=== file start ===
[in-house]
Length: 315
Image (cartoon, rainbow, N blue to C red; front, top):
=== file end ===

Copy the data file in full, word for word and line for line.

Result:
[in-house]
Length: 315
Image (cartoon, rainbow, N blue to C red; front, top):